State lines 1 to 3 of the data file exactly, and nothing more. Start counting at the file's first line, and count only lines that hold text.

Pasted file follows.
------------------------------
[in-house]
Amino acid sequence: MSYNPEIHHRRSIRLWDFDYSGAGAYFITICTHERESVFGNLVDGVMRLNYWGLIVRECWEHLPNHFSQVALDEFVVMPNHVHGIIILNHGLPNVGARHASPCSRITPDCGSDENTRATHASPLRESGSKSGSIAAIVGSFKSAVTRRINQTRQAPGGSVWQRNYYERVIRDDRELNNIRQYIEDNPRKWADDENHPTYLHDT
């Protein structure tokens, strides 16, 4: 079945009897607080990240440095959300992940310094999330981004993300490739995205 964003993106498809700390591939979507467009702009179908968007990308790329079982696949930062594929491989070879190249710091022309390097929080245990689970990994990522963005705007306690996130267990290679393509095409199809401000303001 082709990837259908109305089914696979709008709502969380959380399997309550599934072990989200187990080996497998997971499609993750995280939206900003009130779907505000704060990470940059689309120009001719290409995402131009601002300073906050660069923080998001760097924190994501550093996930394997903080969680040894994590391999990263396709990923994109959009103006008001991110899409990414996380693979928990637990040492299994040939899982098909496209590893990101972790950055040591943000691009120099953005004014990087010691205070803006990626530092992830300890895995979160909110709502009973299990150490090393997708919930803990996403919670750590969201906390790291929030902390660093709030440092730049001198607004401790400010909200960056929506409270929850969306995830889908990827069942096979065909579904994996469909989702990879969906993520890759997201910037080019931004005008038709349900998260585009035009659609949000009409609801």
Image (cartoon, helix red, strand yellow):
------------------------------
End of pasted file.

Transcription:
[in-house]
Amino acid sequence: MSYNPEIHHRRSIRLWDFDYSGAGAYFITICTHERESVFGNLVDGVMRLNYWGLIVRECWEHLPNHFSQVALDEFVVMPNHVHGIIILNHGLPNVGARHASPCSRITPDCGSDENTRATHASPLRESGSKSGSIAAIVGSFKSAVTRRINQTRQAPGGSVWQRNYYERVIRDDRELNNIRQYIEDNPRKWADDENHPTYLHDT
């Protein structure tokens, strides 16, 4: 079945009897607080990240440095959300992940310094999330981004993300490739995205 964003993106498809700390591939979507467009702009179908968007990308790329079982696949930062594929491989070879190249710091022309390097929080245990689970990994990522963005705007306690996130267990290679393509095409199809401000303001 082709990837259908109305089914696979709008709502969380959380399997309550599934072990989200187990080996497998997971499609993750995280939206900003009130779907505000704060990470940059689309120009001719290409995402131009601002300073906050660069923080998001760097924190994501550093996930394997903080969680040894994590391999990263396709990923994109959009103006008001991110899409990414996380693979928990637990040492299994040939899982098909496209590893990101972790950055040591943000691009120099953005004014990087010691205070803006990626530092992830300890895995979160909110709502009973299990150490090393997708919930803990996403919670750590969201906390790291929030902390660093709030440092730049001198607004401790400010909200960056929506409270929850969306995830889908990827069942096979065909579904994996469909989702990879969906993520890759997201910037080019931004005008038709349900998260585009035009659609949000009409609801």